has begun improving its image -- settling contract talks with its
pilots, issuing televised apologies and bonus frequent flyer miles to passengers and boasting of a dramatic decline in cancelled and delayed flights -- its poor past performance has caught up with it again.
On Thursday, the
Department of Transportation
released figures showing that less than half of all United Airlines flights arrived on time in July, making it the worst on-time performer among the nation's major carriers for the third month in a row.
Plagued by crew shortages, traffic control back-ups and unusually bad weather at some of its hub airports, the nation's largest airline was able to get less than 42% of its flights to the gate on time in July, the most recent month for which data is available.
"We certainly acknowledge that our performance was rather poor," said United spokesman Chris Brathwaite.
But Brathwaite hastened to add that the carrier's on-time rate has vastly improved in the past few weeks. So far this month, three-quarters of its flights have arrived within 14 minutes of the scheduled time (the industry's standard for an "on-time" arrival). On Friday, just 15% of its flights had been delayed by midafternoon.
Still, passengers were not the only ones upset by the unusually high number of flight disruptions this summer.
Flight Attendants Stand Up
United's 25,000 union flight attendants have filed for protest permits at the airline's 19 "base" airports around the world. This week they began protesting at the airports in San Francisco and Denver, with plans to expand the demonstrations to the remaining airports as soon as the permits are approved at each site. The demonstrations are not expected to affect scheduled flights as flight attendants are protesting in their free time.
The final straw that prompted the demonstrations, said union spokeswoman Dawn Deeks, was when the Chicago-based airline requested that some of the union flight attendants remain on call in the last week of August under a special "critical coverage" provision. The airline said the provision was enacted because of crew shortages caused by the unusually high number of delays this summer. The union complains that some flight attendants who were unable to come in to cover a shift were either fired or "severely disciplined."
The carrier's flight attendants also claim that United violated their contract by failing to assign hotel rooms for overnight stays, failing to notify attendants about flight cancellations or delays, and lying to flight attendants when abuses and violations occurred. They say they were forced to change their work schedules frequently and without much advance notice because of scheduling problems created by mismanagement.
"Flight attendants stood by United in its summer of turmoil," Linda Farrow, president of the master executive council of the United branch of the union, said in a statement. "In return, management has wreaked havoc on our family and personal lives by systematically breaking the rules it has agreed to in our contract and by heavy-handed discipline."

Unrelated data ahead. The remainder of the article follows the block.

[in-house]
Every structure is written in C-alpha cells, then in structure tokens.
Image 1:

About 600 of United's 25,000 flight attendants, or less than 1%, were called in to work on their time off under the critical coverage provision in August, according to the airline.
United spokesman Matt Triaca said that although the "critical coverage" provision was enacted twice this year, affecting about 1,000 flight attendants, it had last been used in 1996. The provision is intended to be used when the airline is unable to cover its scheduled flights due to extraordinary circumstances -- like bad weather and labor disruptions.
"It's not something we use liberally," Triaca said.
Triaca added that the airline is in talks with executive members of the flight attendants' union, and has made a commitment to investigate any alleged contract violations or incidences of unnecessarily harsh disciplinary actions against the flight attendants.
Deeks said the union has not planned any work stoppage actions. She emphasized that all of the flight attendants participating in the union-organized protests were doing so on their own time, so as not to disrupt United's flight schedule.
Still, Deeks added that resolving the violations in the contract, which does not expire for another half-dozen years, is of "the utmost importance."
The airline is also in the midst of contract negotiations with its groundworkers' union. United's contract expired in mid-July with its 44,000 union ground workers -- including the airline's mechanics, ramp workers, reservation and ticket agents and baggage personnel.
The airline has blamed labor disruptions for the forced
cancellation of thousands of flights. In August, United acknowledged that it would cancel 1,980 flights in September and an additional 1,940 flights in October, in addition to the 4,800 flights removed from its summer schedule after union pilots began refusing to fly overtime when their contract expired. Early this month, they agreed to a tentative contract.
Shares of United's parent company,
, closed down 38 cents, or 1%, at $46.63.